The 34.5 square meter apartment has been redesigned into a studio with designated areas for an alcove, living room, and kitchen-cabinet. The use of affordable finishing materials and ergonomic furniture has been carefully considered, including a bed with a lift-up mechanism and a sofa with storage drawers. The cabinets are concealed within niches.
The apartment owner, Ekaterina, believes that the main focus in the interior should be on the individual, which is why she chose a calm color palette. There is also a tile from her hometown of Yaroslavl, which serves as a talisman.
Ekaterina is not only involved in architecture but also painting. All the paintings in the apartment are created by her using a mixed technique on black paper with white ink or acrylic and dry pastels. One of her works, titled "The Sadness of the Leprechaun King," painted after a trip to Ireland, is displayed on an easel.
Ekaterina carefully selected multifunctional furniture for her apartment to maximize space utilization. There is a storage drawer for bed linen under the sofa, and the collection of paintings that couldn't fit on the walls is stored under the bed with a lift-up mechanism. Additional stools are used as bedside tables and plant stands.
Most of the furniture in the apartment was purchased from IKEA. The exceptions are Archpole stools and retro chairs that Ekaterina brought from her previous apartment. Ekaterina's apartment serves as an example for her neighbors who also redesigned their apartments into studios using Ekaterina's project.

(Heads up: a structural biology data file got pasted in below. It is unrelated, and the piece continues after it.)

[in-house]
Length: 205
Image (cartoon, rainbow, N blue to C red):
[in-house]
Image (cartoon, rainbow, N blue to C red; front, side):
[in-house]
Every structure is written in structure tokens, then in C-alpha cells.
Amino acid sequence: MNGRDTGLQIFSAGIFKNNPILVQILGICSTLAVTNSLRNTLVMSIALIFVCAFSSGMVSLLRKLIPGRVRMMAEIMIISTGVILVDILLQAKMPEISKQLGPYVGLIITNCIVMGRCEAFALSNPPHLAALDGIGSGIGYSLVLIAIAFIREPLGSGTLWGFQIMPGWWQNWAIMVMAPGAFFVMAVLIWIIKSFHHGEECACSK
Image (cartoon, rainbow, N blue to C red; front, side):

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The owner of this apartment has embodied her creative ideas in every detail of the interior. For instance, she found two forgotten chairs on the balcony, refurbished and repainted them, giving them a new look that harmonizes with the caramel-colored countertops and window sills.
A designer lamp, assembled from heating pipes, became the main feature of the ceiling and provides the primary lighting for the space. However, the bright illumination proved excessive, and Ekaterina had to reduce its intensity by adding lamps of different power.
In addition to a mirrored panel that connects the space between the window and the balcony door, a pot with a tradescantia plant on a mounting hook helps define the boundaries between the kitchen-dining area and the living room.
One of the main design principles in this interior is the blending of various types of metal and their shades. Ekaterina combines a golden lighting system with chrome and yellow metal to create an interesting effect.
In the bedroom, sketches for the novel "Yellow Arrow" by Victor Pelevin, drawn by the owner herself, adorn the wall. These drawings were included in a collection of Pelevin's works and now serve as actual illustrations for the book.
The apartment owner also painted a city street receding into the perspective on the headboard of her bed. This motif impressed her so much that she used it not only in her apartment but also in an office interior design project.
As you can see, each element of this interior has been meticulously thought out and created with great love.
Photo credits to Yuri Grishko.
Link to the article on Houzz.
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